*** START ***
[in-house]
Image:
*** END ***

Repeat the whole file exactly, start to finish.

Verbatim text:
[in-house]
Image: